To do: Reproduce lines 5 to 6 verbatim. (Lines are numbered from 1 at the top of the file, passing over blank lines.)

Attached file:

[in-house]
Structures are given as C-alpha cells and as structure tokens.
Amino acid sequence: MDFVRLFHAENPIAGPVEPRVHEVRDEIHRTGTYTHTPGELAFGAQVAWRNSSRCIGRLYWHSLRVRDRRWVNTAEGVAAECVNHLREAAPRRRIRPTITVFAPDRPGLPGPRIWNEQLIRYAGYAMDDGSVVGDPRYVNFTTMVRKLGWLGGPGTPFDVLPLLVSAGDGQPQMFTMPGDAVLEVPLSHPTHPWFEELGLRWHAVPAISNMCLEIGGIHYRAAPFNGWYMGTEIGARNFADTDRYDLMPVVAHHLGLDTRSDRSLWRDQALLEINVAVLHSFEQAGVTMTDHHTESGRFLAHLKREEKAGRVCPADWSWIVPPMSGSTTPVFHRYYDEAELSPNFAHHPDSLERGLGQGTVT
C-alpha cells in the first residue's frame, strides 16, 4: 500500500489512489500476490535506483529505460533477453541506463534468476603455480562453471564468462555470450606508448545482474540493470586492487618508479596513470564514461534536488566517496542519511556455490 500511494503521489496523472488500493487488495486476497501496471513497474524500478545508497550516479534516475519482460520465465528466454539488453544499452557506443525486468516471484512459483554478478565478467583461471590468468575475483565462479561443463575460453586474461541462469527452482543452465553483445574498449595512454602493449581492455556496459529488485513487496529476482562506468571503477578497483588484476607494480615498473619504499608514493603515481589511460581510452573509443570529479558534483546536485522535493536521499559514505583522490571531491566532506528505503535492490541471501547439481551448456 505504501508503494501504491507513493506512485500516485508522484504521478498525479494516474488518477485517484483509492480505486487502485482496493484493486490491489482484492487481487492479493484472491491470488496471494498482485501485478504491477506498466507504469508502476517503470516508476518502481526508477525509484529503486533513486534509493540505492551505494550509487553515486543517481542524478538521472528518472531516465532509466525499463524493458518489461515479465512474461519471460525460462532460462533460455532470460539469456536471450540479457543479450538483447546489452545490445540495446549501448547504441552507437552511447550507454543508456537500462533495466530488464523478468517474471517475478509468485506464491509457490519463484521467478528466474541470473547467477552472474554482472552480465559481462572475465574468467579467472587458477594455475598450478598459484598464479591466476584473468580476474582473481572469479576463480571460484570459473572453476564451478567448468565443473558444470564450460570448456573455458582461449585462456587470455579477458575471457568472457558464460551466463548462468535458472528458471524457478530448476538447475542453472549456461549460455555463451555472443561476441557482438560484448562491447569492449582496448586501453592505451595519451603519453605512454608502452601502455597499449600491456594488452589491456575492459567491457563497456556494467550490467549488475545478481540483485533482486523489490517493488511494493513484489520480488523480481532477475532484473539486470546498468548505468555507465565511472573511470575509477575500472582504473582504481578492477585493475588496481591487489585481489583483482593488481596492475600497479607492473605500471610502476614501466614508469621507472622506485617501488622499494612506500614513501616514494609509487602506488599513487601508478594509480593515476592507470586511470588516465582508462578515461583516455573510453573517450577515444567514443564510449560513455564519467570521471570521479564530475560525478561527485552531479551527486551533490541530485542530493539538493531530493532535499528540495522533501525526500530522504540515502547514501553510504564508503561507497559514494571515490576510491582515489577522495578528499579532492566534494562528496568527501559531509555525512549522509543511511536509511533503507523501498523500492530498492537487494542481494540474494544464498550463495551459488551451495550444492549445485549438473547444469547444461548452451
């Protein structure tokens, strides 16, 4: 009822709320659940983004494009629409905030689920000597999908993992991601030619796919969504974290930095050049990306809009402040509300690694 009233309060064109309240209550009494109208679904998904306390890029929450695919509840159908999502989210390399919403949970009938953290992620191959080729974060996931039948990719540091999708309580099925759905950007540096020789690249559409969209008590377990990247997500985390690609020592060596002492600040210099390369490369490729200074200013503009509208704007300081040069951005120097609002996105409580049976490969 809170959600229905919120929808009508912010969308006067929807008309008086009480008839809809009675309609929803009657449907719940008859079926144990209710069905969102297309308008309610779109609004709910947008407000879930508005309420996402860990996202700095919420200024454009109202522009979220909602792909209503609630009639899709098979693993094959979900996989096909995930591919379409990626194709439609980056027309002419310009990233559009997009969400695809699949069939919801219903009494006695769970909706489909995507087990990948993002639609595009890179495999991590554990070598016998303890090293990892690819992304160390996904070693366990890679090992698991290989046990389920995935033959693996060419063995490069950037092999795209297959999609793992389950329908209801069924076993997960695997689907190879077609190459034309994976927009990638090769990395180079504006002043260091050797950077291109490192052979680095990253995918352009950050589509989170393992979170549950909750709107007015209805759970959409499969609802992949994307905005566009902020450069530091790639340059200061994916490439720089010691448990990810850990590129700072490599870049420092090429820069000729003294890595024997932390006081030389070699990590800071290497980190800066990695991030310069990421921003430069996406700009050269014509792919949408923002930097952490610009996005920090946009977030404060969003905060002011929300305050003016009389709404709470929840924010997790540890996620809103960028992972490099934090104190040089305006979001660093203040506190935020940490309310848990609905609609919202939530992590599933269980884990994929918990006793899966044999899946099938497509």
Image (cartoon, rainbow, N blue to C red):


């Protein structure tokens, strides 16, 4: 009822709320659940983004494009629409905030689920000597999908993992991601030619796919969504974290930095050049990306809009402040509300690694 009233309060064109309240209550009494109208679904998904306390890029929450695919509840159908999502989210390399919403949970009938953290992620191959080729974060996931039948990719540091999708309580099925759905950007540096020789690249559409969209008590377990990247997500985390690609020592060596002492600040210099390369490369490729200074200013503009509208704007300081040069951005120097609002996105409580049976490969 809170959600229905919120929808009508912010969308006067929807008309008086009480008839809809009675309609929803009657449907719940008859079926144990209710069905969102297309308008309610779109609004709910947008407000879930508005309420996402860990996202700095919420200024454009109202522009979220909602792909209503609630009639899709098979693993094959979900996989096909995930591919379409990626194709439609980056027309002419310009990233559009997009969400695809699949069939919801219903009494006695769970909706489909995507087990990948993002639609595009890179495999991590554990070598016998303890090293990892690819992304160390996904070693366990890679090992698991290989046990389920995935033959693996060419063995490069950037092999795209297959999609793992389950329908209801069924076993997960695997689907190879077609190459034309994976927009990638090769990395180079504006002043260091050797950077291109490192052979680095990253995918352009950050589509989170393992979170549950909750709107007015209805759970959409499969609802992949994307905005566009902020450069530091790639340059200061994916490439720089010691448990990810850990590129700072490599870049420092090429820069000729003294890595024997932390006081030389070699990590800071290497980190800066990695991030310069990421921003430069996406700009050269014509792919949408923002930097952490610009996005920090946009977030404060969003905060002011929300305050003016009389709404709470929840924010997790540890996620809103960028992972490099934090104190040089305006979001660093203040506190935020940490309310848990609905609609919202939530992590599933269980884990994929918990006793899966044999899946099938497509």
Image (cartoon, rainbow, N blue to C red):